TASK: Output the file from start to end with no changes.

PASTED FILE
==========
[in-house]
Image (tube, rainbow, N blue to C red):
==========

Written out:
[in-house]
Image (tube, rainbow, N blue to C red):